The intervention of outsiders, like the ICC, in the issue of justice in Darfur has been a complication factor taking into an account its judicial measures which are not adapted to the traditional system of judging being pursued in Darfur for centuries through which it shows exceptional capabilities of stabilizing communities and preserving thier integrity. The reliance on the ICC as the only orginization that will achieve justice for the Darfurians isolates other effective social organs from playing thier very role in thier own societies. The native administration was the wisdom behind the conservation of the Darfuri social fabric in the past through very wise leadership, guidance and intervention. Strengthening the role the native administration in the issue of accountability will be very valuable to achieve a domestic justice that every Darfurian will accept and feel familiar with rather than pursuing a one from overseas.
Dear Abdallah Khalil,
Thank you very much for your contribution.
Although I find myself in total agreement with you regarding the importance of justice for the Darfur people, I find it extremely difficult, on the other hand, to understand or to accept your emphasis on the local judiciary system in this very context.
In my understanding, supporting the ICC initiative does not close the door in front of the local system to play whatever role that they are capable of playing. But also as Sudanese, I see these systems were devised historically to deal with a certain level of local or domestic issues, and not with issues that amount to bringing heads of states and central government officials to justice. May be I am not quite versed in this area of our history, but I don’t recall the local judiciary system was ever able to perform that sort of judiciary roles.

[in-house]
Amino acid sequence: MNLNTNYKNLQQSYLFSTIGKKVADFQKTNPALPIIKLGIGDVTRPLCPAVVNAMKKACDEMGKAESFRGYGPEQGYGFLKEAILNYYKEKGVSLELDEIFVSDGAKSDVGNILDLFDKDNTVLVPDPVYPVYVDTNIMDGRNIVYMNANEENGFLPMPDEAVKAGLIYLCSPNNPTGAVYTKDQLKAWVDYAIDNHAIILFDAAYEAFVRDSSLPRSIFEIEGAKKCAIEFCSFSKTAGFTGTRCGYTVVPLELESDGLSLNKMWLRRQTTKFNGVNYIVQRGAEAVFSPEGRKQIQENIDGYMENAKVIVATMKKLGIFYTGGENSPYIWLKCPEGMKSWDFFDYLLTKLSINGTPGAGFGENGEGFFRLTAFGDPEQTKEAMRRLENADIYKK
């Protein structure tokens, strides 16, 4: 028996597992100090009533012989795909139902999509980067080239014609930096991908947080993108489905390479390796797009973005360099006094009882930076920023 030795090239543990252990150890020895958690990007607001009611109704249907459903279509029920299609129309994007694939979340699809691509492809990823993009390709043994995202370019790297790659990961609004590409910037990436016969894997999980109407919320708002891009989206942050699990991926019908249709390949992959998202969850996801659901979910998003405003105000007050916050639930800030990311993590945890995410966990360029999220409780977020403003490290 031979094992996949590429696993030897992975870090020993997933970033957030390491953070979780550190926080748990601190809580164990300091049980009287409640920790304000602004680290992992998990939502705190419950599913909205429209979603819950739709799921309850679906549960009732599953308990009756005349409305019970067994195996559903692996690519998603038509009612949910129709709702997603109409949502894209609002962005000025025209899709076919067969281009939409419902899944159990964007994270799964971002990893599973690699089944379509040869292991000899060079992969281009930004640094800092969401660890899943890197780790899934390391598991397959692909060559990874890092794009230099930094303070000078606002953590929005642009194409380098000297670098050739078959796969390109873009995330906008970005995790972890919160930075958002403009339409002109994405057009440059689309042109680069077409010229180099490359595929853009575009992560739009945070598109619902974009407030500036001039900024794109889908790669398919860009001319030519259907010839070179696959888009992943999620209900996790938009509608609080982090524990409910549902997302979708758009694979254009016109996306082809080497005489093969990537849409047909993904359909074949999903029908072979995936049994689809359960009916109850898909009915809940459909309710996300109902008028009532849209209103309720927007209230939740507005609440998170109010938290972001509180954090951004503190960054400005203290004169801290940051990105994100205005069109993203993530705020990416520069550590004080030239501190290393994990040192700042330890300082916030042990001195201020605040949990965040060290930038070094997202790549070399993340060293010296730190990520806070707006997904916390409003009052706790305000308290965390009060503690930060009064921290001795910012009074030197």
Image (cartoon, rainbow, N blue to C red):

Yes, I agree that as far as the traditional tribal and nomads-farmers seasonal conflicts are concerned, these traditional systems were always able to handle the situation, and I strongly believe that they should be supported and strengthened in this regards, as this will also contribute to the local peace building and conflict resolution processes.
However, the magnitude of the issues in Darfur today, stands at relatively different and more complicated grounds and the stakes are interlinked with lots of regional and international players and interests, that are far beyond the reach of our traditional systems, and may be that is one reason why we should all appreciate and value what the ICC is trying to do, even though it might have been criticized for being too righteous about justice to the extent of compromising peace, and albeit the fact that some of us see justice and peace as two faces of the same coin or that it is inevitable for peace in Darfur to come with some price and not as a free handout.
Dear Ahmed Hassan,
Thank you very much for your reply and interest.
The issue of justice in Darfur is wider than exclusively limiting it to hold the president and some top officials accountable as being pursued by the International Criminal Court (ICC) which, in my opinion, represents a mere reduction of a greater social issue. Pursuing of justice in Darfur through the intervention of international judicial institutes like the ICC may achieve a sort of satisfaction for the political elite and opponents of the regime in Khartoum, but would it be of value in achieving real and touchable improvement on the ground? I doubt, because achievement of justice as an absolute value shouldn’t be politicized or manipulated to attain at liquidation of political disputes.
If, on the other hand, justice is pursued to achieve social reconciliation, restoration of peaceful co-existance and maintainance of the social fabric then it is the work of the grass root people and thier social and traditional organs. We shouldn’t allow the complications of the issue to distract us from considering what justice will essentially bring to us.